Android L was officially unveiled at Google I/O in June 2014, yet the mobile operating system software is still only available to developers, who have been tweaking their apps to take advantage of the new features ever since.
While Google hasn't officially announced when the software update will roll out, sources speaking to IBTimes UK indicate that Android 5.0 (as it will be called) will be launched alongside the company's latest Nexus smartphone (and possibly a new Nexus tablet) in the last week of October or first week of November 2014.
But just what is Android L, what new features does it have, and (most importantly) which smartphones and tablets are likely to get the update?
Android L? Lollipop? Lemon Meringue Pie? Lemon Drop? Android 5.0?
Google named the latest version of its mobile software Android L when it was revealed in June, but that is not expected to be the official name when it goes public.
What is almost certain is that this update will be Android 5.0, up from the current version called Android 4.4.4.
What is less certain is what confectionary-related treat will it be nicknamed. Google names its Android updates in alphabetical order, so what we do know is that it will begin with L.
On Monday, Android chief Sundar Pichai tweeted a link to a video teasing possible names for the next version of Android, including Lava Cake, Lemon Meringue Pie, Lady Fingers, or Lemon Drop.
The one notable omission is Lollipop, which has been the front-runner as the official nickname of Android 5.0 for some time now.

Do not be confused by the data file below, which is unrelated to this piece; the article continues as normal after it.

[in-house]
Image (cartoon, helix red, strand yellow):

Android L: Release Date
Google has been remaining very quiet on when the latest version of Android will be released, with some speculating it could be on 15 October, though no major media event has been announced.
If the launch trends in line with last year, then we should expect Android L, along with the new Nexus devices, in the last week of October.
Android L: Material Design, wearables, notifications and 64-bit support
There are thousands of new features within the Android L update, but only a very small proportion will be of interest to consumers.
With the wearables market exploding in the last 12 months, Google has also deeply integrated its Android Wear platform within Android L, allowing users to unlock smartphones without a pin code if they are wearing a smartwatch, and many more innovative features.
Notifications have also been given a make-over, allowing users to respond to notifications directly from the lock screen.
Under the hood, Google is also working to improve battery life (Project Volta) and now supports 64-bit chips and promises to improve performance thanks to a move entirely to Android Runtime (ART).
Android L: Which phones and tablets will get the update?
The most obvious devices which will get the Android L update are the smartphone and tablet set to launch alongside the public release of the OS software - the Motorola built Nexus 6 and the HTC-built Nexus 9.
After that, as always with Android, it's a bit of a mixed bag. Here's a round up of what we know so far:
- Nexus 4, 5, 7, 10
Android developers using a Nexus 5 phone or Nexus 7 (2013 version) tablet have been able to run the Android L developer build, with Google releasing versions of the software soon after Google I/O. This guarantees that owners of these devices will see Android L.